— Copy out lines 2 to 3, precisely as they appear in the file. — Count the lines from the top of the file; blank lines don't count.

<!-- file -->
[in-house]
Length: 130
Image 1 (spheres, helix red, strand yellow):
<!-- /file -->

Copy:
Length: 130
Image 1 (spheres, helix red, strand yellow):